[...] According to a NASA fact sheet, the new budget request includes $1 billion "to enable NASA to being supporting the development of commercial human lunar landing systems three years earlier than previously envisioned. This acquisition strategy will allow NASA to purchase an integrated commercial lunar lander that will transport astronauts from lunar orbit to the lunar surface and back."

Gateway development will be limited to what is needed to make the station a viable staging base for trips to the surface. That will free up $321 million for other moon spending. An additional $651 million is earmarked for the Space Launch System — SLS — heavy lift rocket and Orion spacecraft. Lunar surface technologies and propulsion systems would receive an additional $132 million with $90 million going to robotic exploration and research near the moon's south pole.

[...] The same day Bridenstine talked of the challenge of landing on the moon, Amazon-founder Jeff Bezos unveiled a lunar lander called Blue Moon that could put 6.5 metric tons on the surface of the moon. He said Blue Moon, carrying an ascent stage, could meet NASA's schedule for landing astronauts on the surface by 2024.

Previously: NASA Chief Says a Falcon Heavy Rocket Could Fly Humans to the Moon
Here's Why NASA's Audacious Return to the Moon Just Might Work
Lockheed Martin Proposes Streamlined Lunar Gateway for 2024 Manned Lunar Landing


Original Submission

NASA Orders First Segment of Lunar Station for 2024 Artemis Moon Mission 10 comments

According to Extreme Tech,

NASA is going back to the Moon, and this time, it intends to stay a while. That's the news from NASA Administrator Jim Bridenstine, who announced the first company chosen to deliver a vital component of the space agency's Lunar Gateway space station. Maxar Technologies will build the power and propulsion system for the Lunar Gateway, the first step in NASA's ambitious new Artemis project that will put humans on the Moon's surface in just five years.

"This time when we go to the Moon, we're actually going to stay," Bridenstine said. "The goal here is speed. 2024 is right around the corner."

But then, there is this:

May 24 (UPI) -- Just weeks after he was assigned to lead NASA's renewed efforts to explore the moon, special assistant Mark Sirangelo has left the space agency, officials said.

NASA Administrator Jim Bridenstine announced Sirangelo's departure in an internal memo Thursday, Space News reported.

Sirangelo joined NASA last month as special assistant to the administrator and was tabbed to guide the agency's efforts to explore the lunar surface. Bridenstine said, however, that NASA's proposal for the "Moon to Mars Mission Directorate", which had support from the White House, was turned down by Congress.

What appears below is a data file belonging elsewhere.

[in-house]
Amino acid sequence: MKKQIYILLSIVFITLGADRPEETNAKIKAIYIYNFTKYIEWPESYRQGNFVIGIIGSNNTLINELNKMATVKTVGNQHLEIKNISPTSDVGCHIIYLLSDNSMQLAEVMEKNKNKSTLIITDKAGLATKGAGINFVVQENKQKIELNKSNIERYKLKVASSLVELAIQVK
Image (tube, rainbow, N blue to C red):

"NASA proposed to the House and Senate a reorganization to establish a new mission directorate focused on a sustainable lunar campaign," Bridenstine said in a statement. "The proposal was not accepted at this time, so we will move forward under our current organizational structure within the Human Exploration and Operations Mission Directorate."

The mission was first announced in March to meet Vice President Mike Pence's goal of returning humans on the moon by 2024.

Sirangelo appeared with other NASA officials this week at an advisory council to discuss exploration plans. At the meeting, he said he'd been working on the plan to return to the moon, a mission he called "daunting." Also at the meeting, Bridenstine said NASA needs an additional $1.6 billion for the 2020 budget to reach the goal.

"Given NASA is no longer pursuing the new mission directorate, Mark has opted to pursue other opportunities. I want to personally thank Mark for his service and his valuable contributions to the agency," Bridenstine said.

What is a young science-curious Soylentil to think?


Original Submission

Project Artemis: Return to the Moon to Cost Another $20-30 Billion 32 comments

Bridenstine estimates Artemis cost at $20–30 billion

NASA Administrator Jim Bridenstine said in a television interview June 13 that it will cost the agency an additional $20 billion to $30 billion to return humans to the moon, the first range of costs given by the agency for the program.

In an interview with CNN, Bridenstine said that estimate would be above earlier projections for costs of existing elements of what's now called the Artemis program, such as the Space Launch System rocket and Orion spacecraft.

"For the whole program, to get a sustainable presence on the moon, we're looking at between 20 and 30 billion dollars," he said. "When we talk about the 20 to 30 billion dollars, it would be 20 or 30 billion on top of the normal NASA budget but, of course, that would be spread over five years."